In 2014 the IASB (International Accounting Standards Board) issued the new standard for the accounting of financial instruments, IFRS 9. The objective of this standard was to improve and simplify the reporting of financial instruments and to address concerns of public and regulators on the ability of such financial reporting to present relevant and useful information at times of a financial crisis. By 2018, IFRS 9 was implemented by the IFRS-reporters, with an exception of insurance companies that qualify for the temporary exemption. IFRS 9 is divided into three main phases:
The first phase of the IFRS 9 provides guidance on the classification and measurement of financial instruments. IFRS 9 requires that all financial assets are subsequently measured at:
Whether a financial asset is classified as amortized cost, FVOCI or FVPL is mainly based on the business model assessment and the Solely Payments of Principal & Interest (SPPI) test.
The main change in the classification and measurement of financial liabilities is the recognition of changes in own credit risk in other comprehensive income for liabilities designated at fair value through profit or loss.
This might be the least complex area of IFRS 9 but for Banks and other financial institutions with considerable financial assets on their balance sheet, implementation and compliance maintenance of classification and measurement requirements of IFRS 9 came with substantial challenges.
The COVID-19 pandemic and its aftermath, have created many practical challenges in the application of classification and measurement requirements of IFRS 9. Entities should consider the impact of COVID-19 on the classification of financial assets, in particular whether the entity’s business model for managing financial assets might have changed. Additionally, the volatility of prices on various markets has increased as a result of the spread of COVID-19. This affects the fair value measurement of financial instruments either directly, i.e. fair value is determined based on market prices, or indirectly, i.e. fair value is estimated through the application of fair value models. Finally, for both loans held (assets) and debt issued (liabilities), entities should assess the impact of any changes to the terms of a loan such as a payment holiday, whether arising from actions taken by local government or the renegotiation of terms between the borrower and the lender.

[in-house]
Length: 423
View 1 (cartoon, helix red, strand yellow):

With IFRS 9, a new impairment model was introduced which resulted in earlier recognition of credit losses. The main difference was the change from using an incurred loss model to an expected loss model. IFRS 9 impairment requirements are aimed to provide users of financial reporting with more useful and relevant information about the expected credit losses on financial instruments. With this information issuers and users of the financial reporting can notice financial risks earlier.
Banks calculate expected credit losses (‘ECL’) under IFRS 9 using forward-looking judgements, (statistical) credit risk models and data. As a result of severe economic conditions and uncertainty arising due to COVID-19 and aftermath, entities are facing significant uncertainties in application of the developed impairment methodologies and from potential shortcomings of the models and data. To address these uncertainties, banks need to consider and respond to the implications of these severe economic conditions on the models, methodologies for estimates, accounting policies and the related processes.
IFRS 9 provides an accounting policy choice: continue to apply the IAS 39 hedge accounting requirements until the macro hedging project is finalised, or apply IFRS 9 (with the exception only for fair value macro hedges of interest rate risk). Hedge accounting under IFRS 9 can be easier to achieve than under IAS 39. Hedge accounting is still optional but a wider range of instruments qualify as hedging instruments, effectiveness testing is simplified and more things can be hedged.
Our team has experience in supporting clients successfully complete the transition to new accounting standards or optimize and improve already executed transition to ensure continuous compliance. We are also at the forefront to you address unexpected challenges to established practices from continuously changing economic and regulatory environment (such as the COVID-19 pandemic and its aftermath). Our flexible and scalable methodology focuses on deep market experience and effective knowledge transfer, in order for our clients to obtain lasting benefits. Examples of support we provide to clients include:
Partner, PwC Netherlands
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